Love of Country

“As I grew to understand the gifts of the earth, I couldn’t understand how ‘love of country’ could omit recognition of the actual country itself.

The only promise it requires is to a flag. What of the promises to each other and to the land?

What would it be like to be raised on gratitude, to speak to the natural world as a member of the democracy of the species, to raise a pledge of interdependence?

No declarations of political loyalty are required, just a response to a repeated question:

Can we agree to be grateful for all that is given?

… What happens to nationalism, to political boundaries, when allegiance lies with winds and waters that know no boundaries, that cannot be bought or sold?”

~Robin Wall Kimmerer,
Braiding Sweetgrass: Indigenous Wisdom, Scientific Knowledge and the Teachings of Plants
🌍 ❤️

We are the Ark

“Today I heard a new client ask me in a perplexed moment.. “ But what will I use the land for if I give it back to nature?”

That language.“ What will I use the land for?”….. It cut into my heart. 

Every life form matters.
Every conscious being has a role to play in the web of life. 
Except us. 

We have no role In the earths ecosystems…The only living beings that don’t. 

But now we must undertake a vital position in the web. 

We have got to become guardians. 
Not gardeners. 
Caretakers of the wildness. 
Inside and out. 

The time is up. 
The earth is crying out for our attention. 
We fight to live, so shall she. 

We are many and We Are the Ark.”

~Mary Reynolds
www.wearetheark.org

🌍 ❤️

Protect the Earth and Water

“We are here to protect the earth and the water.
This is why we are still alive. To do this very thing we are doing.
To help humanity answer its most pressing question:

How do we live with the earth again, not against it?”

~LaDonna Brave Bull Allard at Standing Rock

☾☽

#Eco-Warrior
#DreamANewEarth

We Are All Related

“In Lakota culture, we give thanks, always, for everything. We wake up, greet the morning and give thanks for making it to another sunrise. We look out and give thanks for Unci Maka (earth) and all her beauty. When it’s time to eat, we give part of our breakfast and Wakalyapi (coffee) to the spirits with a prayer of thanks. We then offer up prayers for the gorgeous day we are about to embark on. By the time I’ve ingested my food and am ready to start my day, I’ve already offered up thanks for so many things.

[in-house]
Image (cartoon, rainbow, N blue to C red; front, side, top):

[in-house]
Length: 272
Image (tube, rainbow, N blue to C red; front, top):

And I wouldn’t have it any other way.

Being aware that the creator is responsible for everything we do, we see, we experience, is innately part of us; it’s the fabric of our culture. It helps us to stay grounded, humble, Ice Wicasa, or Ice Winyan: common man or common woman. It reminds us we are no better than anything around us, we do not rule over the grass or the pebbles just because we are larger than them.

I feel this is a lesson for all human beings, Lakota or not. This is what seems to have been forgotten in wasicu society, or perhaps they never had it. Based on their past and present history with women, and other nations, I imagine the latter is probably true.

See, in our culture Lakota women didn’t have to rise up and have a feminist movement, because we were never discriminated by our men. We are sacred in our culture. We are rulers of the roost, literally. There are issues now, between women and men, but that is due to acculturation — and that is a whole other post for another time.

Back to what I was saying, this issue of equality between human beings has always been a dividing line between our cultures and it continues to be one; manifest destiny did not, and does not, mean the same thing for everyone .

For Lakotas one of our common mantras is “Mitakuye Oyasin” — we are all related. All of us, no matter who you are (person), or what you are (grass, trees, rocks), are the same. No one is better than anyone else. Our lives really are circular, and yes, everything REALLY is related to everything else…”

~Mary Black Bonnet

excerpt from Mitakuye Oyasin – We Are All Related